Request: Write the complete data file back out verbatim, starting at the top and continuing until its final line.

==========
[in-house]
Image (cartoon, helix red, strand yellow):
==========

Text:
[in-house]
Image (cartoon, helix red, strand yellow):